Yeah, I've checked all the fuses and connectors. I also checked the pistons when I had the RAVE valves out and they looked ok from the limited view. I also felt the skirts when I had the reed blocks out and the skirts felt smooth and complete. Sorry I didn't mention that.

    I pulled the fuel injectors today and examined the fine screen inlets and they are clean like new. Drat! I'm not going to pull the two regulators because I've already confirmed that both of them are working perfectly. Tomorrow I'm going to bite the bullet and pull the air injectors from the head. I didn't see any screen on the port that goes into the rail, so I'm hoping that I find one when removed. Then I'm going to have to make some "special tools" to install the new carbon dams and compress the dams during install. Could be a complete waste of time and money, but I'm at the end of my rope. Anybody done that job? What can I expect?

    The fuel and air pressure tests would come out fine even if the air injectors were totally blocked, I think. And they could be clicking normally during the Candoo test, but still be blocked. If I'm not getting the air charge fully injected, it would influence the compression test too, I think. Gad, does it sound like I'm praying?...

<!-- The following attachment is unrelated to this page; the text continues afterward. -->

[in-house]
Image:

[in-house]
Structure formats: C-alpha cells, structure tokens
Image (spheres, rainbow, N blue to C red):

Edit - ooops. forgot the compression test is done with WOT, so no spark and no fuel. But air? Dunno..... BTW did I mention that this shop manual sux IMHO?

  9. #9
    Thanks Bomb again. From a post on another site I was asked to take a pic of the RAVE blade, so I pulled them again. The RAVEs were the first thing I did, and I focused on the top edge of the piston when I inspected inside the hole. The top edges were fine, but this time I used a very bright light and magnifier and critically looked at the sidewalls and BINGO the top ring is broken on both pistons and a piece of ring is missing right where the RAVE guillotine would contact. I don't know how I missed that the first time, but I did. Also, one of the pistons has a chunk of the ring land missing as well.

    The top end is toast and Overhaul is in order.

    As for the starting issue, I'm going to close this by deducing that the low compression also caused low manifold vacuum (not enough vacuum) during a normal start with the throttle on the stop, putting the MAPS out of range, and keeping the computer from resolving the inputs into a mixture output. That is why, I think, I was able to (on a few occasions) get a start on the trailer by cracking open the throttle a tad and fooling the computer into a range it could compute. It would also explain why it wouldn't start in the water with the increase in exhaust back pressure. I was probably just lucky to be able to get it to start at all, on the trailer.

    So this ends the saga. Thanks to all who weighed in and helped me get to the end. -Rick